Distribution of luxury products in rural Africa was, at that time, largely through established traders. But Bint El Sudan was packaged in vials about the diameter of a lipstick and just slightly longer. This reduced their cost, as the contents of each bottle was small, and it reduced their volume and weight thus allowing them to be carried and sold by market ladies who could go with their goods daily among the people and sell Bint El Sudan in a very personal way, giving it promotion that this small product would not have received from the large traders.

During the 1970s the claim was made that Bint El Sudan had sold more units than any perfume, ever. It was frequently counterfeited and, in some parts of the world, is still in great demand.

Analysis

Someday was a huge success thanks to the tight relationship between the celebrity and the perfume marketers. They were his own team and had his fullest cooperation. This is rare, even among successful celebrity fragrance launches. More typically celebrity and perfume marketer are separate entities, each with their own agenda and thus the celebrity is somewhat less than fully committed to "their" perfume.

Another example of a tight connection between celebrity and fragrance was the Elizabeth Taylor line in which Elizabeth Taylor took a strong personal interest. It is said that collectively her fragrances did over $1 billion in sales and that she earned more from her perfume than she ever earned from Hollywood.

Obsession was success in spite of a celebrity and the marketer very much at odds with each other. Shortly after purchasing the Calvin Klein perfume business, Taylor sued Calvin Klein, not a good way to win your celebrity's cooperation.

But then Taylor hired a professional to put the promotion together, let her do it her way, in spite of what must have seemed to him a shockingly high cost. Burns ultimately won the support of Calvin Klein whose creative input then helped make the promotion a huge success.

But a good deal more than professionalism was responsible for Obsession's success. The image that was created for the fragrance (see the description above!) was in tune with the cutting edge of the times. Many found the ads highly offensive but the people who already were in tune with Calvin Klein's philosophies found the ads amazing and, through a harmless bottle of perfume, were eager to participate in the fantasy.

Bint El Sudan was a success because (1) the fragrance matched the market, indeed it had been inspired by local tastes, (2) the bottle was small and affordable and could be packed easily and carried easily allowing widespread distribution, and (3) distribution of Bint El Sudan through market ladies rather than trading posts got it down to the people, much the way Avon once sold so successfully to rural women and Natura, in Brazil, does today.

In short, each of these fragrances had a strong hook that resulted in strong sales.

Strong hooks with unknown conclusions

The stories cited above can be told with confidence because they are well documented. More often when I come across what appears to be me to be a great hook, I have no way of confirming that the promotion was successful. However, here are a few strategies with strong hooks that are worth studying. Please read more on the next page.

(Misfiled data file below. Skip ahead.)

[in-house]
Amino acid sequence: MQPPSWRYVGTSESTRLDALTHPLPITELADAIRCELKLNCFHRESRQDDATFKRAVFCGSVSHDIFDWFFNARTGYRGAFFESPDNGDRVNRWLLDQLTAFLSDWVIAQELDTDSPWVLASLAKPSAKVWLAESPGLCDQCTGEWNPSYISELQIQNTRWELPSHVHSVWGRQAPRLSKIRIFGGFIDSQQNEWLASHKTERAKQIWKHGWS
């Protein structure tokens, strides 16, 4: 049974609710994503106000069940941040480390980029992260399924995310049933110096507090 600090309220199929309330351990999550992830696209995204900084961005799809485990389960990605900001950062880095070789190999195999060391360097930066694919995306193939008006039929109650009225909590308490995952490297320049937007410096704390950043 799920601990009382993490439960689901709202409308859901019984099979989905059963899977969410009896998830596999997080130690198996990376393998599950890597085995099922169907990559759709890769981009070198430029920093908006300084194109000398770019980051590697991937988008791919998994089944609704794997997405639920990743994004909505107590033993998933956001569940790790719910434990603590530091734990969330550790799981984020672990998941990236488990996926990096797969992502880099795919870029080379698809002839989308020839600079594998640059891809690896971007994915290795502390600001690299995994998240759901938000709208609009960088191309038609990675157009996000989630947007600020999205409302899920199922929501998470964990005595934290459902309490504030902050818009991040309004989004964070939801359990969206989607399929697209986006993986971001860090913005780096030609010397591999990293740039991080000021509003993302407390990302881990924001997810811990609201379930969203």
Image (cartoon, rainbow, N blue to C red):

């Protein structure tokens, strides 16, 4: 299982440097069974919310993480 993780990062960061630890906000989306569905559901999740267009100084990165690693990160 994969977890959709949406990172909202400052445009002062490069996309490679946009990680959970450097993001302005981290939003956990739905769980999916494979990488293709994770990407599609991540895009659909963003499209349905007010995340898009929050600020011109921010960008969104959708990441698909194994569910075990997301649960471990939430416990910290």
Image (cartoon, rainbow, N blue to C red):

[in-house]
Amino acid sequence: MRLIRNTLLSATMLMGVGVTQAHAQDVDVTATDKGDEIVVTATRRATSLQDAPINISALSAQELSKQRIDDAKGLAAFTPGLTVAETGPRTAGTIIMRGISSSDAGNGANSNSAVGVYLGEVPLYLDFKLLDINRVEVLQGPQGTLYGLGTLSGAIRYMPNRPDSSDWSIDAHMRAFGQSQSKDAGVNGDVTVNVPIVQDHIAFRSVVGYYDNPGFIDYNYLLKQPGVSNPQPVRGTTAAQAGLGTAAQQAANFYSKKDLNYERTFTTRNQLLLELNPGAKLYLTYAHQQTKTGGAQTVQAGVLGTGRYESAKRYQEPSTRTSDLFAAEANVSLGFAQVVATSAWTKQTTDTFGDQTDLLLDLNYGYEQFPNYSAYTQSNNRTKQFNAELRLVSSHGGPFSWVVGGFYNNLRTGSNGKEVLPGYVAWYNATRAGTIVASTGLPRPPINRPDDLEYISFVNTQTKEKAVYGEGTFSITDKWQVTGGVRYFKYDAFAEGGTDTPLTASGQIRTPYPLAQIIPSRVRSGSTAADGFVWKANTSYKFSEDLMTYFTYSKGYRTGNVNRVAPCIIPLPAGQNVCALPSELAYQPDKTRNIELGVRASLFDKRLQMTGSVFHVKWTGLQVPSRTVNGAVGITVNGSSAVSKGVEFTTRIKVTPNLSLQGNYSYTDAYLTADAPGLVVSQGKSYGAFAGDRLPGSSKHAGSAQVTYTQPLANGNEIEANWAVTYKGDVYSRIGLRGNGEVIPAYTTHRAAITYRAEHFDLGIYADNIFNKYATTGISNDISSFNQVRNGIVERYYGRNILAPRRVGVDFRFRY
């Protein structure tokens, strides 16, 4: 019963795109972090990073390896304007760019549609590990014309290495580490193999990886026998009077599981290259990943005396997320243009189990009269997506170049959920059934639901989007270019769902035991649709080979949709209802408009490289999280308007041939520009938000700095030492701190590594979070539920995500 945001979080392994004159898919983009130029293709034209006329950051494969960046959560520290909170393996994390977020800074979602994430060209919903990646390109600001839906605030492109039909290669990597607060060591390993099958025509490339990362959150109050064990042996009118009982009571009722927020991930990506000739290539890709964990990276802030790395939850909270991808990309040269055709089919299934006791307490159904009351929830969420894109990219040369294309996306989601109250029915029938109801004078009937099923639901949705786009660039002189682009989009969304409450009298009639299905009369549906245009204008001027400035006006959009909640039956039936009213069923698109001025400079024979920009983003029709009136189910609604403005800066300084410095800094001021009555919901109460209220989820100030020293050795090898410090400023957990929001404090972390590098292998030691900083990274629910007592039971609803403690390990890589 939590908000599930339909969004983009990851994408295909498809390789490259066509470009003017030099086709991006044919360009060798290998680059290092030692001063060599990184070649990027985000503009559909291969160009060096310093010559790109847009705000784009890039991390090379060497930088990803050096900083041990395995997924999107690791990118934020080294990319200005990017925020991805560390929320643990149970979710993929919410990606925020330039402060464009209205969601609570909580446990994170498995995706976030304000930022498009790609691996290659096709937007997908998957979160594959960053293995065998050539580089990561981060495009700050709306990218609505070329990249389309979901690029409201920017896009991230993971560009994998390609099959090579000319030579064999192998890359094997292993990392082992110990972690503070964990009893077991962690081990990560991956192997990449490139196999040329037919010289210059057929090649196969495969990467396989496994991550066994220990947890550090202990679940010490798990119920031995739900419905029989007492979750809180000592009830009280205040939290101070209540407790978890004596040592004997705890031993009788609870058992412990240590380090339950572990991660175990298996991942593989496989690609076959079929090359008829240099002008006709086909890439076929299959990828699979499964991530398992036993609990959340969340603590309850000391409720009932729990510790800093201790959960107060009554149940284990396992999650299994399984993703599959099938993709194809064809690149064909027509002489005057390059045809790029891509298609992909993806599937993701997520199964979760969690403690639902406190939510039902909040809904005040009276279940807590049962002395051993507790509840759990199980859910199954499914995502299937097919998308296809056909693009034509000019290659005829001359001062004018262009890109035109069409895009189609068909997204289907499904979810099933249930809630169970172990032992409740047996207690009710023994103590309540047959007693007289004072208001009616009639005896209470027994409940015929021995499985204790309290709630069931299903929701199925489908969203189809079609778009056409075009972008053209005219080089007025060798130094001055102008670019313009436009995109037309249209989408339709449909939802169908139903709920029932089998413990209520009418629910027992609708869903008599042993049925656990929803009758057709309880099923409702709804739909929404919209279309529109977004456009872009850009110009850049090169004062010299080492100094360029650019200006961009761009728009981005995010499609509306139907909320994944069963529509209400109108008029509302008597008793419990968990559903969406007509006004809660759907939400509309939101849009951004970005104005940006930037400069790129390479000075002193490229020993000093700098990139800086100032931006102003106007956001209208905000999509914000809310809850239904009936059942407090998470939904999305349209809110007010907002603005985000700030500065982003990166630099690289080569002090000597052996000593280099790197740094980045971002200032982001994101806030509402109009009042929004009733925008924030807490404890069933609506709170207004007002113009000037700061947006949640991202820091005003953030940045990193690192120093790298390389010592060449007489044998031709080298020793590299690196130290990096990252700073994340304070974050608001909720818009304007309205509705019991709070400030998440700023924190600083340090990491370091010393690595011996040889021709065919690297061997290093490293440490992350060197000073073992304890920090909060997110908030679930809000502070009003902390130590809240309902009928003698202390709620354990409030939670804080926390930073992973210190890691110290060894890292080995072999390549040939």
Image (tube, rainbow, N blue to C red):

Other articles in this series:
#1 How To Write Your Most Important Business Plan Ever
#2 Funding Your New Perfume
#4 Developing A Hook Guaranteed To Sell Your Perfume, Part II


Making Perfume By The Quart
Making Perfume By The Quart: A do-it-yourself project book

Many who love perfume dream of having their own -- but it can seem too complicated, too "from another world." Making Perfume By The Quart brings it down to earth for you in ten remarkably easy to understand chapters of instructions that guide you through the complete production process, from concept to finished perfume. But you make just one quart.


Creating Your Own Perfume With A 1700 Percent Markup! (3rd edition)

Perfume is famous for the markup it can achieve, even for a middle market fragrance. While "everybody knows" that perfume costs next to nothing to make (not completely true) the making of it is often considered an esoteric secret. "Creating Your Own Perfume With A 1700 Percent Markup!" details how a 3-person company with no experience created their own fragrance in response to a marketing opportunity that was too good to pass up. The book explains exactly what was done to create a fragrance for that opportunity but it is far more than a history of the author's project. "Creating Your Own Perfume With A 1700 Percent Markup!" lays out every step in the process of creating your own perfume, either as a do-it-yourself project – and without the benefit of automated equipment some compromises and workarounds are required – or full bore professional production under your supervision. Either way you will be producing a quality fragrance at a remarkably low cost. Do you have a marketing opportunity that would be wildly profitable if only you could obtain your fragrance at a ridiculously low cost? "Creating Your Own Perfume With A 1700 Percent Markup!" is the guide you need to do it.